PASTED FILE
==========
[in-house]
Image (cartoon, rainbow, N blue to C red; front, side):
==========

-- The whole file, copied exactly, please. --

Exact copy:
[in-house]
Image (cartoon, rainbow, N blue to C red; front, side):